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Aloha all. I am getting my Yarus EV tomorrow and need a charger. It currently has 14 x50ah AGM's and can handle 19 x 50ah AGM's. (Warp9 and Zilla HV). But it came without the charger and the batteries are at the end of their life. I will stay with agm or flooded lead for awhile and then go lithium, so I don't want to sink too much into a charger. I only have 115VAC here (running off Photovoltaic and off the grid) so that limits me. So, which is the cheapest way to go to get 10-15 amps pumped into these cells? thanks
Francis

BTW: I have two legs of 100 to 125vdc @20amps each (varies) coming off my solar panels......sure would be nice to be able to use that dc straight after figuring out a voltage regulator.
 

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It currently has 14 x50ah AGM's ... But it came without the charger and the batteries are at the end of their life. I will stay with agm or flooded lead for awhile and then go lithium,

first, you have to decide on what batteries... if you go with the less expensive floodies you will also get better range and durability, but more weight and space for given pack voltage. zivan, elcon, and others are not too expensive.

I would suggest you strongly consider going Lithium rather than adding another set of lead, especially if you have to buy a charger anyway. If you work the numbers out over the life, the lithium is less expensive per mile of service.... and will perform way better at a given voltage pack being so much lighter in the car and with almost no voltage sag. Just need to change your instrumentation a little to count amp hours instead of voltage based SOC meter.
 

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first, you have to decide on what batteries... if you go with the less expensive floodies you will also get better range and durability, but more weight and space for given pack voltage. zivan, elcon, and others are not too expensive.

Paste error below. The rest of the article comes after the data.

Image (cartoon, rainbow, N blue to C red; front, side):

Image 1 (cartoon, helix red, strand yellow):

I would suggest you strongly consider going Lithium rather than adding another set of lead, especially if you have to buy a charger anyway. If you work the numbers out over the life, the lithium is less expensive per mile of service.... and will perform way better at a given voltage pack being so much lighter in the car and with almost no voltage sag. Just need to change your instrumentation a little to count amp hours instead of voltage based SOC meter.
Yes I agree that Lithium is the way to go, but I cannot convince my wallet of that yet. I can get AGM's for basically $0.00 so I want to play around with them for awhile, until I can afford Lithiums and so I don't want to pay a lot for a charger.

Francis
 

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hhhmmm, well as people move from lead to Li there will probably be a fair number of chargers coming up on the used market as well as SOC instruments. For instance, I will be trying to sell my Zivan-1 very soon at a modest discount from retail... Its less than 2 years old, but set up for a 96v nominal floodie pack. I'll also sell my instrument cluster, dc-dc, and flow-rite watering system as I am in the middle of upgrade to 120v of Li.
 

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You need flexibility if you don't want to be buying a new charger every time you make a pack change. I would recommend a Manzanita Micro PFC-20. It is not cheap, but it can charge anything from 12 volts to 360 volts.
 

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You need flexibility if you don't want to be buying a new charger every time you make a pack change. I would recommend a Manzanita Micro PFC-20. It is not cheap, but it can charge anything from 12 volts to 360 volts.
but once you install a pack of Li, you *shouldnt* need to change anything for 10 years, right?
 

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I have a Zivan NG5 which is programmable to your battery type. I so far have almost 7000 miles on it, approximately 400 charges on it, many in the small compartment behind my seat. It has two cooling fans and hasn't failed me yet! It also has auxiliary relays which you can use to prevent drive off when it's charging, a smart thing to do!
 

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but once you install a pack of Li, you *shouldnt* need to change anything for 10 years, right?
Unless you choose to change the number of cells, say for a voltage increase or because you reverse a couple weak ones. Then there is the current issue of playing with any number of lead batteries (roughly between 14 and 19) while saving for Lithium and learning more about his EV.

I'm not an unbiased advocate of the Manzanita Micro PFC -- I own one :)
 
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